Republicans believe high unemployment will be Barack Obama's weak point this November. So why has Matt Caffrey, a 22-year-old from Ohio, just quit his job?

To help the president get reelected.

Leaving a secure job in a country with an official unemployment rate of 8.3 percent, and broader estimates in the double figures, is not for the timid.

But six months into his first fulltime job, a two-year contract with an environmental advocacy group, Caffrey decided nothing could be more important than campaigning to get Obama another four years.

So on the eve of a business trip, he called his boss.

"It was something I agonized over -- for a few minutes," Caffrey, a bearish figure in student-style sweatshirt and running shoes, said with a grin.

Back in 2008, Caffrey was one of the excited foot soldiers in a youth movement helping propel Obama from obscurity to the White House.

As president of the college Democrats at Ohio State University, he was on the front lines and his face still lights up when he recalls the "amazing" experience.

So when an opportunity came to fill a paid, but temporary position as a Obama campaign field organizer in the Ohio capital Columbus, Caffrey jumped. "I didn't want to feel 50 years from now that I could have done more in this very magic moment," he said.

Youths have long tended to vote Democratic, but in 2008 Obama's fresh looks, sense of style, and stirring speeches inspired nothing short of adulation. In an election with heavy youth turnout, under-30's supported Obama over John McCain by a margin of about 68 to 30 percent.

The question now is whether Obama's army of idealistic youngsters can muster that same energy.

Obviously the thrill of electing the first black man to the nation's highest office can't be repeated.

Also, Obama is no longer the fantasy figure he was to many liberals last time. After four years of presiding over a sick economy and disappointing supporters on several big promises, like the failure to close the prison at Guantanamo, Obama has baggage.

According to CIRCLE, a non-partisan research group specializing in youth electoral issues, young people so far show no sign of great interest in the Republican primary candidates battling to take on Obama.

Maverick Republican candidate Ron Paul is frequently touted as a favorite with libertarian-minded youths, but statistics show that even his level of support in that age group fails to match Obama at the same stage during his primary battles four years ago.

"Barack Obama drew far more votes in primaries and caucuses from Americans under 30 in his 2008 campaign than all the Republican candidates combined," CIRCLE said.

Perhaps what could hurt Obama is sheer lack of interest.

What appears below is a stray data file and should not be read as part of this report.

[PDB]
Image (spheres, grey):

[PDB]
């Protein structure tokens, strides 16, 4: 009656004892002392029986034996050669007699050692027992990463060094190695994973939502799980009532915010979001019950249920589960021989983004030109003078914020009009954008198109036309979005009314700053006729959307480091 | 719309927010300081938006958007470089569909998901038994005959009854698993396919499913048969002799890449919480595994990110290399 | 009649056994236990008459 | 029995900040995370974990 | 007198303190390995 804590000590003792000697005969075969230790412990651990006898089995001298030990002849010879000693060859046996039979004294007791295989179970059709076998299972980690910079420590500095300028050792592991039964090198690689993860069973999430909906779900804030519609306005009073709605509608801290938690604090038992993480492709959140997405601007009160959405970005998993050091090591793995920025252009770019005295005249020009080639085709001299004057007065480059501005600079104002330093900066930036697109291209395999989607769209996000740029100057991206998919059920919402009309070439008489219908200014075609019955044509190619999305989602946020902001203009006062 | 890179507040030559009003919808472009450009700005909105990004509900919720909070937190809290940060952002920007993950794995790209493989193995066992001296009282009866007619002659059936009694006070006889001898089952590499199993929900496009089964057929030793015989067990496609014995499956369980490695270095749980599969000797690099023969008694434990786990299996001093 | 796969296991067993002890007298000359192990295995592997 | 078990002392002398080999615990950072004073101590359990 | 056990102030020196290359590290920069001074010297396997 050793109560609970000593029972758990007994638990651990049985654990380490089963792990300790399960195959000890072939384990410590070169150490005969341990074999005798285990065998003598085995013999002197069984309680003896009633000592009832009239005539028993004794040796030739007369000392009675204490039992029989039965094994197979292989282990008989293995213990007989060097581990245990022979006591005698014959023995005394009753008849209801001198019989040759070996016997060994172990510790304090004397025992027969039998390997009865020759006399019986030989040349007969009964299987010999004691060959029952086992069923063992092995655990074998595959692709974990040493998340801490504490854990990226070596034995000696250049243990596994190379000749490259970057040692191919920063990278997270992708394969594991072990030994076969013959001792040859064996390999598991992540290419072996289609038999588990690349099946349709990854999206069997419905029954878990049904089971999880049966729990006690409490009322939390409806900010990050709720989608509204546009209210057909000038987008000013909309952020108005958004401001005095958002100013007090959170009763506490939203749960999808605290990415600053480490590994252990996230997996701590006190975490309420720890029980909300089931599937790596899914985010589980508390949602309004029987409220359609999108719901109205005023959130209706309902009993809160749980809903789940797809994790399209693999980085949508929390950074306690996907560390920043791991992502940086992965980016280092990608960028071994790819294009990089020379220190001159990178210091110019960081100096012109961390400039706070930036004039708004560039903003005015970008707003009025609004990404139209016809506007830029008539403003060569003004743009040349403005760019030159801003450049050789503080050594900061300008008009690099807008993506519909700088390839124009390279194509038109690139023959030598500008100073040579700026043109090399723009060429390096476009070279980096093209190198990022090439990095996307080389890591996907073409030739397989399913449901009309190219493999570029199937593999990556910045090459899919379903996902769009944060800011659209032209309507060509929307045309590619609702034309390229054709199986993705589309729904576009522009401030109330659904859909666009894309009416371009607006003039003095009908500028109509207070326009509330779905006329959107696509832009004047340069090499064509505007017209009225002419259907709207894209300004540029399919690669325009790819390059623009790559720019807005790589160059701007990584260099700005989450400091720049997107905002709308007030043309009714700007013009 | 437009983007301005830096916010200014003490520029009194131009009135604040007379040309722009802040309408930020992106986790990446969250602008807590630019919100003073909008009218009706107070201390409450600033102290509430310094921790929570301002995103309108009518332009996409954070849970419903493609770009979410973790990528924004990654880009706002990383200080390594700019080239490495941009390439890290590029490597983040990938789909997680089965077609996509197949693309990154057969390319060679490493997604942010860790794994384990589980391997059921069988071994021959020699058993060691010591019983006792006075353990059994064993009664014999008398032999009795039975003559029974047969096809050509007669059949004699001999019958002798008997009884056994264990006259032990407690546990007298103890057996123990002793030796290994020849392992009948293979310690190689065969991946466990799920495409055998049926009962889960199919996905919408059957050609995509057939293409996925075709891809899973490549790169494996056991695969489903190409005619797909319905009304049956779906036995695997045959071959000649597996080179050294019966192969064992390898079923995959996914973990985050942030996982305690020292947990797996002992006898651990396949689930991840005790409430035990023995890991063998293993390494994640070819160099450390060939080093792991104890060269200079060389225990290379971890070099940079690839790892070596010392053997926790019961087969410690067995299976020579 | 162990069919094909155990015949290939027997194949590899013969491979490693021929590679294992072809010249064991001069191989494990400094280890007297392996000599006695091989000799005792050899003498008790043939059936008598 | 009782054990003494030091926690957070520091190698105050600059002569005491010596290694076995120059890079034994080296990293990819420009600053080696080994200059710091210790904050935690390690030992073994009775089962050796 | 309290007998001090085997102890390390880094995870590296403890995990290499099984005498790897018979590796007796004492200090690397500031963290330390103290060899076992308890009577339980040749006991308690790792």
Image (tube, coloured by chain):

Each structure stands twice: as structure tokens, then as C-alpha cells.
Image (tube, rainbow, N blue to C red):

One hint of weakness in Obama's youth base is the Occupy movement, which sprang up last year in New York, before spreading nationwide.

The young, often well-educated and deeply leftwing Occupy members resemble natural Obama supporters. Yet many Occupy activists say they have turned their backs on a politician they describe as having sold out to Wall Street interests.

"Especially with the younger people, there's this idea that 'all the politicians are lousy and I'm not voting for any of them,'" Connie Everett, a spokeswoman for the Occupy movement in Columbus, said.

"There are people who just feel the system is completely dysfunctional and corrupt and many people just don't want to do anything that feeds into that system."

At a rally this week in Ohio for Rick Santorum, just behind Mitt Romney in the race for the Republican nomination, Bill Harkenrider, 20, was one of the few college age people in a room of several hundred.

"I usually hang out with Republicans," he said, explaining that he liked Santorum's forthright manner and emphasis on sticking to the letter of the US constitution.

Asked why his peers tend to vote Democratic, before in some cases turning Republican when they're older, Harkenrider said: "It's because of the teachers, the people who influence them. Then the reason it changes is that they get out into the real world and pay taxes. Young people don't know about that."

Kyle Schmidlapp, a 23-year-old training to be administrator at a nursing home, said he voted for Obama in 2008 but switched after leaving college.

"I was excited then. Not now, though," he said. "I don't know if it's because I've grown up more, or because then I was in college and got a job."

However, for every disillusioned former Obama supporter there may be others just as determined to combat an increasingly rightwing Republican Party, particularly over abortion and other hot-button social debates.

"I'll vote for Obama hands down," said Madeline Fuller, an Ohio high school student who will turn 18 and be eligible to vote for the first time just before the presidential election.

"On social issues I'm very, very liberal. I think a lot of the people I go to school with are leaning towards Obama."